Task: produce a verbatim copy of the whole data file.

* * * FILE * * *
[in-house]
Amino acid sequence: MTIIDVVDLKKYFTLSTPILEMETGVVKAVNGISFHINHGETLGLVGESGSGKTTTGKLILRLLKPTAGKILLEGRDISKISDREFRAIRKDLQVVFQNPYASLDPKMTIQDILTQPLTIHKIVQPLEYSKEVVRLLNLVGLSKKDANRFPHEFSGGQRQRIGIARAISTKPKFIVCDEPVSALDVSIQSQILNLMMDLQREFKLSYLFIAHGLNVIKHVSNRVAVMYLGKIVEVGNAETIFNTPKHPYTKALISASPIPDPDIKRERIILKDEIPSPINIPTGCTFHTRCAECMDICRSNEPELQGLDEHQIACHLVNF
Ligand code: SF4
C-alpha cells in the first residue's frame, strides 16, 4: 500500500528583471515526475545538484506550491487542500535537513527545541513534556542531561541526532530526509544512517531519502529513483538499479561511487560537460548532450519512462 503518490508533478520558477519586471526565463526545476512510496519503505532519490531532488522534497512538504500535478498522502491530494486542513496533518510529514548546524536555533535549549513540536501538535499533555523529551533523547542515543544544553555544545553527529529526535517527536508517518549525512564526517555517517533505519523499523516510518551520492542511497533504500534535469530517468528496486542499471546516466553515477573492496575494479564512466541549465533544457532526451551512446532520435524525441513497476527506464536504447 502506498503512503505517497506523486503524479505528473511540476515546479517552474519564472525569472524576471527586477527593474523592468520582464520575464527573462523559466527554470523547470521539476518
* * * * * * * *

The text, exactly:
[in-house]
Amino acid sequence: MTIIDVVDLKKYFTLSTPILEMETGVVKAVNGISFHINHGETLGLVGESGSGKTTTGKLILRLLKPTAGKILLEGRDISKISDREFRAIRKDLQVVFQNPYASLDPKMTIQDILTQPLTIHKIVQPLEYSKEVVRLLNLVGLSKKDANRFPHEFSGGQRQRIGIARAISTKPKFIVCDEPVSALDVSIQSQILNLMMDLQREFKLSYLFIAHGLNVIKHVSNRVAVMYLGKIVEVGNAETIFNTPKHPYTKALISASPIPDPDIKRERIILKDEIPSPINIPTGCTFHTRCAECMDICRSNEPELQGLDEHQIACHLVNF
Ligand code: SF4
C-alpha cells in the first residue's frame, strides 16, 4: 500500500528583471515526475545538484506550491487542500535537513527545541513534556542531561541526532530526509544512517531519502529513483538499479561511487560537460548532450519512462 503518490508533478520558477519586471526565463526545476512510496519503505532519490531532488522534497512538504500535478498522502491530494486542513496533518510529514548546524536555533535549549513540536501538535499533555523529551533523547542515543544544553555544545553527529529526535517527536508517518549525512564526517555517517533505519523499523516510518551520492542511497533504500534535469530517468528496486542499471546516466553515477573492496575494479564512466541549465533544457532526451551512446532520435524525441513497476527506464536504447 502506498503512503505517497506523486503524479505528473511540476515546479517552474519564472525569472524576471527586477527593474523592468520582464520575464527573462523559466527554470523547470521539476518